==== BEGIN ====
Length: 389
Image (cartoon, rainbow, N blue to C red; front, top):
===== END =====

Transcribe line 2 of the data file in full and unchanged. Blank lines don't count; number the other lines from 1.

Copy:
Image (cartoon, rainbow, N blue to C red; front, top):